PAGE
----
Nightlife

Crystal mirrorball: Predictions for 2015 Vegas nightlife

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What will happen in Vegas nightlife in 2015?

Las Vegas nightlife is predictable—but not that predictable. Who saw Hakkasan Group buying the much bigger Light Group conglomerate? Or Victor Drai opening a gay club inside Bally’s? We can’t envision any similarly left-field phenomena yet, but we can forecast some possible trends and transitions for 2015.

Expect more DJs like Diplo (pictured) and less of the strictly dance-oriented beat-slingers in 2015.

Expect more DJs like Diplo (pictured) and less of the strictly dance-oriented beat-slingers in 2015.

Fewer EDM superstar residency bookings. While the commercial-dance-music bubble has yet to burst, it’s slowly deflating, and has been for the better part of the past year. The majority of DJs booked at Surrender now are known for playing both EDM and some form of hip-hop. Hell, even Tiësto has stuck his toe into the trap waters. Expect more Diplo clones and less of the strictly dance-oriented DJs to surface when the 2015 residency rosters begin rolling out. Speaking of which …

Less emphasis on exclusives and residents. Some nightlife groups didn’t even release a resident-DJ roster early last year, and others couldn’t keep some of their higher-profile signees exclusive to their club(s). Certain talent has been flitting back and forth between competitors for the past six months, especially as the bidding wars remain fierce for the hottest names, and newer clubs like Life and Drai’s seem less hung up on restricting their headliners to just their DJ booths.

More warehouse parties. The last three months of 2014 saw a wave of successful warehouse parties from house/techno promoters like After and Epyk. But these weren’t fly-by-night operations—these were professional, insured and well-produced events that drew younger househeads and more mature clubbers alike, both demographics undoubtedly fatigued with big-room DJ sets and, well, big rooms in general. Specifically, the Artistic Armory, a garage-like art studio/gallery in the southwest, might just be the most promising—if least conventional—nightlife newcomer.

More deep house. While the Strip remains the only major American clubbing hub still skittish about noncommercial house and techno—Life has all but given up on Underground Sundays, at least as a weekly promotion—multiple spaces off the Boulevard have devoted at least one night a week to deep, minimal, classic progressive, soulful and tech house, partially sustained by the sheer number of local DJs playing it.

DJ 3LAU

More attention on Vegas’ beat creators. Sin City is known for the producer/DJs it attracts, not the ones it breeds. But some local names are on the brink of international recognition, including Madonna collaborators Shelco Garcia and Teenwolf (see our 15 to Watch cover story), and J Diesel, whose house tunes are being played by DJs who don’t even play here. And then there are road warriors like EDM rising star Justin “3LAU” Blau, trap act Caked Up and versatile duo Black Boots, the latter having just landed a spot on this year’s Warped Tour.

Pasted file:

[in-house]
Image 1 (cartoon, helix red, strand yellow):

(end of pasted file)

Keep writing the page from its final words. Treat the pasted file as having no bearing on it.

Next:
The Arts District will see more bars. Because Vegas. Actually, one has already opened: Hop Nuts Brewing welcomed customers on December 31.

A before shot of Gipsy on Paradise Road before a makeover courtesy of Spike TV's "Bar Rescue" on Thursday, Feb. 21, 2013.

Gipsy will reopen with a pool—or die trying. It remains to be seen if the market can bear another LGBT nightclub. However, don’t discount Vegas’ pioneering gay discotheque, Gipsy, as it continues to slowly transition from Bar Rescue disaster to a new nightclub with a dayclub pool—that is, unless it fails to open by early summer.

Steve Aoki will open a business here. Henderson only has so many organic/healthy dining options. Its newest superstar resident may just take it upon himself to add one to the area. He’s already done it in his hometown of LA, and restaurant entrepreneurialism is in his blood.

VIPs will soon be able to DJ—for a price. With clubs constantly trying to outdo one another with ultra-expensive bottle packages, expect one to finally allow big ballers—with the help of a deferential DJ—to play songs of their choosing. This may or may not coincide with the first million-dollar bottle-service package. If there’s one prediction I can be totally wrong about, please let it be this one.

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Mike Prevatt

Mike started his journalism career at UCLA reviewing CDs and interviewing bands, less because he needed even more homework and ...

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